The piece quotes critics of the NSA’s use of algorithms. The SKYNET program uses metadata to determine the daily routines of people under surveillance, including shared contacts and traveling patterns. One potential flaw is behavioral assumptions. It appears the NSA weights suspected extremists based on a persona they believe deviates from the non-extremist. Reviewing the NSA’s internal presentation slides, Ars Technica writes:
The program, the slides tell us, is based on the assumption that the behaviour of terrorists differs significantly from that of ordinary citizens with respect to some of these properties. However, as The Intercept’s exposé last year made clear, the highest rated target according to this machine learning program was Ahmad Zaidan, Al-Jazeera’s long-time bureau chief in Islamabad.
Another problem: machine learning depends on feeding information from target profiles. In this case, there are few “known terrorists” to feed into the algorithm. Plenty of ethical AND tactical questions are yet to be answered.
Why enterprises should be algo-wary – an HR example
For most enterprises, the algorithmic stakes aren’t this high, but they aren’t a small matter either. Our Brian Sommer penned a series of HR-related pieces showing how well-meaning algorithms can lead to ineffective – and sometimes discriminating – hiring practices:
- “You’re not our kind of people” – why analytics and HR fail many good people
- HR Tech lessons #2 – A new fear of AI/machine learning
- What we should really be watching – HR
In “You’re not our kind of people,” Sommer cautions against confusing correlation with causation. He cites the hypothetical of someone from a “large, rural, devoutly religious, mixed race family that recently immigrated to the United States from Tongo“, who is applying for a restaurant position at a fast-food chain in mid-town Manhattan. He/she might be algorithmically excluded because their background characteristics do not correlate:
Chances are you would be the only person from Tongo that this firm has ever received an application from. Moreover, the Recruit Retention Algorithm tool will not score you well as your value-set, education, etc. are not correlating well against parameters often found in their other longer-tenured restaurant workers as those workers may have different values, different education, etc. Should this restaurant chain pass on your application? I would hope not but a low retention correlation score could keep you from even being considered.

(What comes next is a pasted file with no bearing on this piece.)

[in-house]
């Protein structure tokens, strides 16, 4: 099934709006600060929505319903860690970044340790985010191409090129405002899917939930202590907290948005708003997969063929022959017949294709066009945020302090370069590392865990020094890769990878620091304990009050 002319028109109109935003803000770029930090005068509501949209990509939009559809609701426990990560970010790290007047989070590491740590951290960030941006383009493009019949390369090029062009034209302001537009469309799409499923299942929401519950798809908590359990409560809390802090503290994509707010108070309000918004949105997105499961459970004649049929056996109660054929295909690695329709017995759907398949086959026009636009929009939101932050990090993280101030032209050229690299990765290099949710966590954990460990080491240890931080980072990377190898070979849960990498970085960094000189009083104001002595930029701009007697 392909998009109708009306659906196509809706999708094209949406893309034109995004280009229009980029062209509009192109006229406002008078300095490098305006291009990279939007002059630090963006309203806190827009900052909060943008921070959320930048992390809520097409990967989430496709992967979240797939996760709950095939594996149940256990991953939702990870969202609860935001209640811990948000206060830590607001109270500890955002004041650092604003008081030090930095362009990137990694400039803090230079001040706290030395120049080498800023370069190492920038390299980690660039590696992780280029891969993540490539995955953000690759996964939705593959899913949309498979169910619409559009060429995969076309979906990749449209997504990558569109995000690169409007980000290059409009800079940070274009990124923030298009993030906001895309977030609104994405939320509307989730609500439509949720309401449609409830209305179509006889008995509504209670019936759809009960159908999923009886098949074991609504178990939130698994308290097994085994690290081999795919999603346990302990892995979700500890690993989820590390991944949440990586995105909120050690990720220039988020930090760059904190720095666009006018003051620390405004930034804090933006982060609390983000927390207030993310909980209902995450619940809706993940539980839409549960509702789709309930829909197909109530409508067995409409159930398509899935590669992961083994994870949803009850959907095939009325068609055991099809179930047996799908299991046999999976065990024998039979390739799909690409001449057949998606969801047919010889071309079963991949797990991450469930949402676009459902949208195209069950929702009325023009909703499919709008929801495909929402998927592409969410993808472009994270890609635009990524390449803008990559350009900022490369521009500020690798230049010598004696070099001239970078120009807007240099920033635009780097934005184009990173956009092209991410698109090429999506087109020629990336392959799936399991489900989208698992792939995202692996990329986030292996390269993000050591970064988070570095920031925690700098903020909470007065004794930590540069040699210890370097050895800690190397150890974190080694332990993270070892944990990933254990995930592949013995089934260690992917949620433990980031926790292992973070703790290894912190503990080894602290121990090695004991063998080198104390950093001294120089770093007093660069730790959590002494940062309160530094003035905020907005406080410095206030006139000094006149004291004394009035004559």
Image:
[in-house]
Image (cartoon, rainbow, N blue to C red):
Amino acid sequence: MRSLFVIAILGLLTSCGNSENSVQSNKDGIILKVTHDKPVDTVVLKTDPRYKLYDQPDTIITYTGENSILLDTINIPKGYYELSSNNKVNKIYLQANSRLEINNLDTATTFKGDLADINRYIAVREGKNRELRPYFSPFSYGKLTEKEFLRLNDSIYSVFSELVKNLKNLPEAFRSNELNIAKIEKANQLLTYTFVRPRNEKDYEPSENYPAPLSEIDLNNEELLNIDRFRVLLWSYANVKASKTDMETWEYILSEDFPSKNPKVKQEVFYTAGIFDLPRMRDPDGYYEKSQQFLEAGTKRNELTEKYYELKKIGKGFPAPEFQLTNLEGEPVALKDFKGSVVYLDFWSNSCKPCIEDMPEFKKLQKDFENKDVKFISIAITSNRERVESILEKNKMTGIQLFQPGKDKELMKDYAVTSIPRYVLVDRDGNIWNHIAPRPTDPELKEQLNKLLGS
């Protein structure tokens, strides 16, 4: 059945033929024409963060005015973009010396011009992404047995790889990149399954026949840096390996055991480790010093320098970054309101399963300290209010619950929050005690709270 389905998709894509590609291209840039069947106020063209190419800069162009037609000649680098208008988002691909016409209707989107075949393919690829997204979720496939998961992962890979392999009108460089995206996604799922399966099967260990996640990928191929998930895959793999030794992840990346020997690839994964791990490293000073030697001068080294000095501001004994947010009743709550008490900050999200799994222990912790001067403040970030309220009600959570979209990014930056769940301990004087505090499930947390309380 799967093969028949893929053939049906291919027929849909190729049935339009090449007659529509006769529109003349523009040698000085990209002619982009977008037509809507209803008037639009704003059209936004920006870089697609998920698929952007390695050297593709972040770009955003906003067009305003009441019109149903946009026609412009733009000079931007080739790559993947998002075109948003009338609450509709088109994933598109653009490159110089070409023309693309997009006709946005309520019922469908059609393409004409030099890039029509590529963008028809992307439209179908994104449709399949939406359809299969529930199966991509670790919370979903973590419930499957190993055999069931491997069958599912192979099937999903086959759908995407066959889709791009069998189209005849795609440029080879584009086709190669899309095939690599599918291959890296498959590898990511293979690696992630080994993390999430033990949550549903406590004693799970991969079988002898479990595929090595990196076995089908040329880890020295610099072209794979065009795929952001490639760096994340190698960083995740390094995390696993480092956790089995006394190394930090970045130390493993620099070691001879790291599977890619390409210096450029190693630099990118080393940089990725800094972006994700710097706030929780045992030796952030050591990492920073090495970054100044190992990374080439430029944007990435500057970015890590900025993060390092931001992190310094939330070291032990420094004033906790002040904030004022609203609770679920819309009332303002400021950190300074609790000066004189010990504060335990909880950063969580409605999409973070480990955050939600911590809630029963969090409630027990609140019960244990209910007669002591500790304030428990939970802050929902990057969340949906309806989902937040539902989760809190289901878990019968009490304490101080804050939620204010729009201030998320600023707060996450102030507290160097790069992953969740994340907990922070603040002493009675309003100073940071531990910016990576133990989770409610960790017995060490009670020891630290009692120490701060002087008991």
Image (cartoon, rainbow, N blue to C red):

Sommer acites a real-world example of a vendor who designed a hiring solution based on the client’s investment banker profile (“finance majors who rowed crew at Harvard or Yale.”) Sommer eviscerates this approach:
I did not react well to this… Just look at the successful IT business CEOs who didn’t even graduate college and you’ll see that a degree from a prestigious university is not necessarily a predictor for future success. I wonder how many non-standard people wouldn’t have had the careers they experienced if these algorithms (or the people who will use them) existed in prior years. Take the case of Chester Nimitz: “Despite being reared well away from any ocean in the hills of South Central Texas, he would go on to lead a great naval armada to victory, and become this country’s first five-star, fleet admiral.”
I don’t think Admiral Nimitz rowed crew at Harvard.
In the follow-on HR tech lessons post, Sommer posits companies could experience legal exposure through improper use of algorithmic hiring tools:
While on its surface that sounds admirable and cost-effective, the problem with these tools is that they rely on a test database which only includes existing employees. If a company has failed to hire many women or minorities in the past, then very few of them will appear in the solution’s data population and thus will generate a statistically insignificant subset of individuals to establish a meaningful pattern.
That’s plenty for companies to consider. Machine learning is an asset but we’re only beginning to understand the ramifications of algo-reality. Ideally, such know-how is baked into the design, and proper human intervention is accounted for where needed.
As for the individual in despair over their lack of algorithmic control, I’ll make another pitch for the virtues of a lovely RSS reader (I’m a Newsblur fanboy, many of our readers use Feedly). The trusty RSS reader is one of the last places where you can build your content universe, based on exactly the feeds you wanted. In a sense, you are building your own algorithm – as it should be. And if you can stomach a shameless plug, you can pull RSS feeds from all 18 of diginomica’s new topic areas. Diginomica won’t be taking away your RSS. What you do with it is, as always, your call. Algo on…
Image credit – Data mining concept with vintage businessman and calculator © scandinaviastock – Fotolia.com.